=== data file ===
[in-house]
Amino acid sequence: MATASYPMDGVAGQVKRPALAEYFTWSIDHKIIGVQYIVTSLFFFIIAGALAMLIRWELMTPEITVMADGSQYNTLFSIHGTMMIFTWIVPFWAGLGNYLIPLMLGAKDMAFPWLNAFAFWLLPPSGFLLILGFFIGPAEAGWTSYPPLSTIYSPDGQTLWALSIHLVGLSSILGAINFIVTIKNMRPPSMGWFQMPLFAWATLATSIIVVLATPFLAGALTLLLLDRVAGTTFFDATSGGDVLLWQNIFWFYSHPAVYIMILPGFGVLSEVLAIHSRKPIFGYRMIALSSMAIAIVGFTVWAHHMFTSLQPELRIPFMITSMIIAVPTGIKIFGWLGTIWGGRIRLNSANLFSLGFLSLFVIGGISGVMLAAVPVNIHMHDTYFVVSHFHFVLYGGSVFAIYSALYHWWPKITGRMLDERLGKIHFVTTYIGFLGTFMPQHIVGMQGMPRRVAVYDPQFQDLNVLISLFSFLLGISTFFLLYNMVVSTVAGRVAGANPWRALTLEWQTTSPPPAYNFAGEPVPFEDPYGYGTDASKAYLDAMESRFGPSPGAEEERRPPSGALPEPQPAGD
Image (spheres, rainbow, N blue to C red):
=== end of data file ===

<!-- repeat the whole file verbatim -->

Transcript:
[in-house]
Amino acid sequence: MATASYPMDGVAGQVKRPALAEYFTWSIDHKIIGVQYIVTSLFFFIIAGALAMLIRWELMTPEITVMADGSQYNTLFSIHGTMMIFTWIVPFWAGLGNYLIPLMLGAKDMAFPWLNAFAFWLLPPSGFLLILGFFIGPAEAGWTSYPPLSTIYSPDGQTLWALSIHLVGLSSILGAINFIVTIKNMRPPSMGWFQMPLFAWATLATSIIVVLATPFLAGALTLLLLDRVAGTTFFDATSGGDVLLWQNIFWFYSHPAVYIMILPGFGVLSEVLAIHSRKPIFGYRMIALSSMAIAIVGFTVWAHHMFTSLQPELRIPFMITSMIIAVPTGIKIFGWLGTIWGGRIRLNSANLFSLGFLSLFVIGGISGVMLAAVPVNIHMHDTYFVVSHFHFVLYGGSVFAIYSALYHWWPKITGRMLDERLGKIHFVTTYIGFLGTFMPQHIVGMQGMPRRVAVYDPQFQDLNVLISLFSFLLGISTFFLLYNMVVSTVAGRVAGANPWRALTLEWQTTSPPPAYNFAGEPVPFEDPYGYGTDASKAYLDAMESRFGPSPGAEEERRPPSGALPEPQPAGD
Image (spheres, rainbow, N blue to C red):